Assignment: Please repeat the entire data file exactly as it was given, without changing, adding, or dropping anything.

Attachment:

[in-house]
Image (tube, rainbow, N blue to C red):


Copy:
[in-house]
Image (tube, rainbow, N blue to C red):